Energy’s plan to keep uneconomic coal plants online will burden North Carolina’s customers
Clean energy advocates filed with state utility regulators
RALEIGH, N.C. — A coalition of clean energy advocates have filed expert analyses with North Carolina utility regulators finding that the Duke Energy’s long-range plans would cost customers too much money by keeping aging, inefficient coal plants online, building new power plants that are not needed to meet electricity demand, and by failing to tap the full potential of abundant, low-cost, clean energy resources like solar and energy efficiency.
On behalf of Sierra Club, Natural Resources Defense Council, and the Southern Alliance for Clean Energy, the Southern Environmental Law Center filed the expert reports with the North Carolina Utilities Commission on the Duke Energy Carolinas and Duke Energy Progress “integrated resource plans,” which show how the utilities' plan to meet customer demand for electricity over the next 15 years.
The groups asked the commission to hold a trial-type hearing on the plans, as allowed under state law, to allow for thorough vetting of the multi-billion-dollar investments included in the plans.
“We’re asking the North Carolina Utilities Commission to take a hard look at Duke Energy’s long-range plans. Reviews by industry experts show that Duke’s internal analysis favors polluting, costly coal and gas plants while giving short shrift to cleaner, cheaper options like energy efficiency, solar and wind,” said Gudrun Thompson, senior attorney at the Southern Environmental Law Center, which represents the groups before the commission.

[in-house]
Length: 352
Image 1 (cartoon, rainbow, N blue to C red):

“Our analysis clearly shows that many of Dukes’ coal plants are uneconomic right now and this problem only gets worse in the future,” said Dave Rogers, representative for the Sierra Club’s Beyond Coal campaign in North Carolina. “Duke should take full advantage of the region’s clean energy potential instead of clinging to coal for three more decades, making families and businesses pay more, causing further climate disruption, and putting our communities at risk.”
John Wilson, research director of the Southern Alliance for Clean Energy, added, “Our analysis proves that Duke Energy's plan was preordained to cap solar energy. It's as if a driver used an old map instead of an app, and then got stuck in construction. Duke should be using all the tools and resources available to move beyond the status quo.”
Amanda Levin, policy analyst in the climate and clean energy program at the Natural Resources Defense Council, said, “Duke’s proposed plan would lock in a dirty, fossil-fueled energy future for the state. Our comments show that there is a cleaner and cheaper path for North Carolina’s energy future.”